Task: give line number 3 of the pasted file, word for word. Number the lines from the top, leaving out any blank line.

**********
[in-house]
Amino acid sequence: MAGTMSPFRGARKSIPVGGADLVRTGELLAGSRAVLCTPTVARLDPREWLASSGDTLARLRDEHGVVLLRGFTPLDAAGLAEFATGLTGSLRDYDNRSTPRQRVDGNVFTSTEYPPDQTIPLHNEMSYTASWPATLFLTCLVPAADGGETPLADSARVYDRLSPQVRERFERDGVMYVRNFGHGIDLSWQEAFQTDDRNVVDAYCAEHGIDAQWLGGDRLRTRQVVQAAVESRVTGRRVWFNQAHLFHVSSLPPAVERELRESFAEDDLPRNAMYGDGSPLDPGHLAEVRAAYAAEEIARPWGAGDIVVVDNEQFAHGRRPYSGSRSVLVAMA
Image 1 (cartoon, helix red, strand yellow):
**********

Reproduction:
Image 1 (cartoon, helix red, strand yellow):